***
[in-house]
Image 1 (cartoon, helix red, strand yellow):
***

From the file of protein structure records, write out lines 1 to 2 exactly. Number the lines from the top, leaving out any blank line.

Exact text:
[in-house]
Image 1 (cartoon, helix red, strand yellow):